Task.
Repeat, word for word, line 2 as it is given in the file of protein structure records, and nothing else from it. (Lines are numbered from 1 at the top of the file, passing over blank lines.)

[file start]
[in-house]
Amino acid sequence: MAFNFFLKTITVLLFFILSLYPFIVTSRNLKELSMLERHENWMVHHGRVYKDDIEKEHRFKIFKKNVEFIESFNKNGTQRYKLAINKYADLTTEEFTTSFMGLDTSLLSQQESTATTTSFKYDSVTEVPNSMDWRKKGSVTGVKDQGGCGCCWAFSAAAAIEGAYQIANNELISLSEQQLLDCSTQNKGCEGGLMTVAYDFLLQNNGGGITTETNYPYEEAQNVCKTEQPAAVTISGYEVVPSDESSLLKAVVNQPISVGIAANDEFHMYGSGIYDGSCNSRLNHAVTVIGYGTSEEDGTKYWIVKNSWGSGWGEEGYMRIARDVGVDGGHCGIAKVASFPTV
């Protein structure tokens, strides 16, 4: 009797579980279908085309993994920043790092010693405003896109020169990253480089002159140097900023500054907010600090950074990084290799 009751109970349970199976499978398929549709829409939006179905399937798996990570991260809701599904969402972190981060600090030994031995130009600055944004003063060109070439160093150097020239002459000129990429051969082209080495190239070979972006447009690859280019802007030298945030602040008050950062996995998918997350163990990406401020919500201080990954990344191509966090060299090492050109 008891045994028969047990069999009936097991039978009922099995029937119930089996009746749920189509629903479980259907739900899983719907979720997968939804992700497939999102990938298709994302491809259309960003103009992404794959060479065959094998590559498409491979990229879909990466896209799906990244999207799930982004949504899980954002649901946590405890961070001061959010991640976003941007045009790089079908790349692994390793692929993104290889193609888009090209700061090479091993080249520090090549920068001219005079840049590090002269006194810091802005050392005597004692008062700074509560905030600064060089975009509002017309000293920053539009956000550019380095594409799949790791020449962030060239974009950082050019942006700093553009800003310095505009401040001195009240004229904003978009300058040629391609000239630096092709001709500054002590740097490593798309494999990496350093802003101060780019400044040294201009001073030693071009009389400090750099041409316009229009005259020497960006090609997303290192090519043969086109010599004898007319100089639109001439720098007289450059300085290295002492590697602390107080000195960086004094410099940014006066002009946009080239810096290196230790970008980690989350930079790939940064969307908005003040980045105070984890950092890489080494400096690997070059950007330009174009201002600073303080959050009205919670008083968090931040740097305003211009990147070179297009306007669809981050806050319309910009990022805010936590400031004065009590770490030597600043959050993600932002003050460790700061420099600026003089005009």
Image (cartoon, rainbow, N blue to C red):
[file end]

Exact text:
Amino acid sequence: MAFNFFLKTITVLLFFILSLYPFIVTSRNLKELSMLERHENWMVHHGRVYKDDIEKEHRFKIFKKNVEFIESFNKNGTQRYKLAINKYADLTTEEFTTSFMGLDTSLLSQQESTATTTSFKYDSVTEVPNSMDWRKKGSVTGVKDQGGCGCCWAFSAAAAIEGAYQIANNELISLSEQQLLDCSTQNKGCEGGLMTVAYDFLLQNNGGGITTETNYPYEEAQNVCKTEQPAAVTISGYEVVPSDESSLLKAVVNQPISVGIAANDEFHMYGSGIYDGSCNSRLNHAVTVIGYGTSEEDGTKYWIVKNSWGSGWGEEGYMRIARDVGVDGGHCGIAKVASFPTV